Defining a message format

Last modified by Erik Bakker on 2023/01/24 15:04

Earlier in this module, we already learned what message definitions are.
In this microlearning, we focus on setting the message format correctly in design. Setting this correct in Design helps build your integration in Create.

In this microlearning, we will learn which options you have for defining a message format in Design and how you can set it.

Should you have any questions, please contact

1. Prerequisites

  • Basic knowledge of the eMagiz platform

2. Key concepts

This microlearning centers around defining a message format.

With message format we mean: The form in which the message is sent to or received from an external party the moment it can be validated by the system

In other words, whether the message that you need to send or the message that you receive is in JSON or XML.

3. Defining a message format

You can define your message format in two places in Design:

  • On the system level
  • On integration level

3.1 Defining a message format on system level

When you go to Design and double click on a system you will see the following configuration. In this case, we are interested in the default message format


By switching between XML and JSON you indicate that all messages that are being sent and received concerning this system are defined in XML or JSON.
This is an easy way of correctly defining the message format of all your integrations related to a specific system.

3.2 Defining a message format on integration level

However, it could be that one of the integrations related to a system deviates from the default setting. If so, you can register this on the integration level.
To be more precise on the system message level. When you go to your system message and enter ‘editing mode’ there will be an option called Change message format.


Selecting this option will result in the following pop-up. In this pop-up, you can switch between both formats and save the result.


3.3 The message formats explained

In this microlearning, we talked a lot about message formats and the options eMagiz provides on choosing a message format.
In this segment, we will take a deeper look at those two to give you some context of why they exist and what they mean.

Note that in eMagiz we speak of message definitions which can be either XML, JSON or EDI. Validating these messages is therefore also done in a standardized way (with the help of an XSD).

3.3.1 XML

XML stands for eXtensible Markup Language. An XML is simply put, information wrapped in tags.
By defining those tags and agreeing on those tags you can validate the XML and transform based on the input XML to an output XML.

How the tags are named is determined by the person that defined the structure of the XML and therefore could be anything.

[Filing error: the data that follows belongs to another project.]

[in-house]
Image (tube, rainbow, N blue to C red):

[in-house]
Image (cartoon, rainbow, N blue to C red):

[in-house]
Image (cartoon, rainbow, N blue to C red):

The contract of how a message should look is written down in an XSD document (XML Schema Definition) with the help of 'rules'.
Some examples of these rules are:

  • Ordering of elements and attributes
  • Maximum length of an attribute
  • Whether an attribute or entity is optional
  • Which data type an attribute has (string, boolean, integer, decimal, etc.)
      The XSD can check any XML that passes its station to see whether or not it is allowed to continue or not.

Because XML has these characteristics it has become one of the standards in transporting data between systems.

3.3.2 JSON

JSON stands for JavaScript Object Notation. JSON is newer than XML and works based on name/value pairs.
This way the data that is transported comes with less overhead compared to XML.

The names of the name/value pair are determined by the person that defined the structure of the JSON and therefore could be anything.
The way a tag should be named, which datatype (i.e. string, boolean, integer, etc.), how long the information wrapped in the tag can be,
whether the tag is optional or not is written down in a JSON schema.

A JSON schema can check any JSON message that passes its station and see whether or not it is allowed to continue.

Because JSON has these characteristics it has become one of the standards in transporting data between systems.

3.3.3 EDI

EDI stands for Electronic Data Interchange. EDI is a very old standard that is used mainly in retail and transport and logistics to communicate between parties within the supply chain. Each type of EDI message (i.e. Order, Invoice, Aperak) has a pre-defined structure that is periodically updated. Therefore you can exchange orders for example in the D96.A format.

EDI messages are flat-file messages that adhere to a predefined structure. By selecting this option in Design you notify eMagiz that you want to process EDI messages and eMagiz will as a result add the relevant support objects to your flow.

This functionality for EDI messages only works in the new runtime architecture.

4. Key takeaways

  • By defining your message format you register to which format (XML or JSON) you will validate all messages related to a certain system
  • Defining a message format can be done in two places (system level and integration level)

5. Suggested Additional Readings

If you are interested in this topic and want more information on it please read the help text provided by eMagiz and read the information provided on the following links: